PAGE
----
Rhona Mitra, Malcolm McDowell, Bob Hoskins, Craig Conway
WRITTEN AND DIRECTED BY
With "The Descent," director Neil Marshall served notice that Hollywood may very well have a new master of genuine horror.
With "Doomsday," his follow-up to the surprisingly successful "The Descent," Marshall makes us wonder if perhaps it wasn't all just a fluke.
With nary an original idea of its own, "Doomsday" is a harried "end of the world" flick complete with the nearly obligatory Malcolm McDowell voice-over and quarantined nation divided by its circumstances.
Rhona Mitra ("Boston Legal") stars as Eden Sinclair, a U.K. cop assigned by Prime Minister John Hatcher (Alexander Siddig) to infiltrating the quarantined Scotland to search for whoever has the cure for the virus that decimated Scotland and has now shown up in England.
What she finds are two warring factions led by a scientist named Kane (McDowell), believed to have the cure, and his son, Sol (Craig Conway). Soon, both sides are at war with Sinclair and her buddies.
It's impossible to watch "Doomsday" without thinking of other female-led heroine flicks such as "Alien" or "Mad Max" or even the "Underworld" films. Sinclair is a hardcore, kick-ass heroine given many chances to show off her buffed physique in the film's many fight sequences.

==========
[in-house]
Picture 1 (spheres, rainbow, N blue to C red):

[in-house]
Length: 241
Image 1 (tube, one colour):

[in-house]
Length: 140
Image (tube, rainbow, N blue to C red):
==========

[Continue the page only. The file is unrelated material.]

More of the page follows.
While one hardly expects such an action heavy flick to possess a stellar script, Marshall sabotages himself here with a script that tries to accomplish far too much and, had it settled for less story and more kick-ass fight sequences may have actually been a film worthy of a recommendation.
While Marshall's script doesn't do her any favors, Mitra redeems herself nicely in the film's action sequences and McDowell, despite having a role he could do in his sleep, performs as well as might be expected. Both Bob Hoskins and Adrian Lester show up to add depth in supporting roles.
Visually stylish and frenzied enough that hardcore action fans are likely to find much to like here, "Doomsday" will likely prove less satisfying to those able to notice its frequent borrowing from other action films and who may grow tired of the film's breakneck pacing.
Likely to get lost in its late winter box-office dumping ground, "Doomsday" is likely to experience a quick box-office doomsday followed by a much more satisfying life on home video.
© Written by Richard Propes
The Independent Critic